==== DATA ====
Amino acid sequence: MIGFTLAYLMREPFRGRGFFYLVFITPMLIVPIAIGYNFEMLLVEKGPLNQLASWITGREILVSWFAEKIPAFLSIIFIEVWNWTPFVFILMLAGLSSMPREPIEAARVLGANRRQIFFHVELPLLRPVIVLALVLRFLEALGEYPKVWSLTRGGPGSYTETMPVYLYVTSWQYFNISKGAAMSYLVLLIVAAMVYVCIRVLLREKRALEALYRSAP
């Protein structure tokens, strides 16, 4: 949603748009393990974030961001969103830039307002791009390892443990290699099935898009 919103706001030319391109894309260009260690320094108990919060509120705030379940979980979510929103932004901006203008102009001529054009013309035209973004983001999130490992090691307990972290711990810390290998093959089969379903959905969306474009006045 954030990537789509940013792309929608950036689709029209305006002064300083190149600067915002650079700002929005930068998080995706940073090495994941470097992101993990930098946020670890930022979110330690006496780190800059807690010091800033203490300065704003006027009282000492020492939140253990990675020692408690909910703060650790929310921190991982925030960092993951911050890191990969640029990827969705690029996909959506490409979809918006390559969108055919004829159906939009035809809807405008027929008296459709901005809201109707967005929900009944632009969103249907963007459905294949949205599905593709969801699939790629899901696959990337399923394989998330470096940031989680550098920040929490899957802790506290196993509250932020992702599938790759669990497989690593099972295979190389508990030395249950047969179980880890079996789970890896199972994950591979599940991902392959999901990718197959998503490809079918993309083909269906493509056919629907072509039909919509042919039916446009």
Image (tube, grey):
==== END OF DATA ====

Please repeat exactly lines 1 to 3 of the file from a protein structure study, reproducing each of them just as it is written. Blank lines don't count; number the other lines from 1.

Amino acid sequence: MIGFTLAYLMREPFRGRGFFYLVFITPMLIVPIAIGYNFEMLLVEKGPLNQLASWITGREILVSWFAEKIPAFLSIIFIEVWNWTPFVFILMLAGLSSMPREPIEAARVLGANRRQIFFHVELPLLRPVIVLALVLRFLEALGEYPKVWSLTRGGPGSYTETMPVYLYVTSWQYFNISKGAAMSYLVLLIVAAMVYVCIRVLLREKRALEALYRSAP
């Protein structure tokens, strides 16, 4: 949603748009393990974030961001969103830039307002791009390892443990290699099935898009 919103706001030319391109894309260009260690320094108990919060509120705030379940979980979510929103932004901006203008102009001529054009013309035209973004983001999130490992090691307990972290711990810390290998093959089969379903959905969306474009006045 954030990537789509940013792309929608950036689709029209305006002064300083190149600067915002650079700002929005930068998080995706940073090495994941470097992101993990930098946020670890930022979110330690006496780190800059807690010091800033203490300065704003006027009282000492020492939140253990990675020692408690909910703060650790929310921190991982925030960092993951911050890191990969640029990827969705690029996909959506490409979809918006390559969108055919004829159906939009035809809807405008027929008296459709901005809201109707967005929900009944632009969103249907963007459905294949949205599905593709969801699939790629899901696959990337399923394989998330470096940031989680550098920040929490899957802790506290196993509250932020992702599938790759669990497989690593099972295979190389508990030395249950047969179980880890079996789970890896199972994950591979599940991902392959999901990718197959998503490809079918993309083909269906493509056919629907072509039909919509042919039916446009």
Image (tube, grey):